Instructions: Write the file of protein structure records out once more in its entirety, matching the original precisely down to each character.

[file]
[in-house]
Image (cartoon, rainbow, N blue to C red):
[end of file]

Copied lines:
[in-house]
Image (cartoon, rainbow, N blue to C red):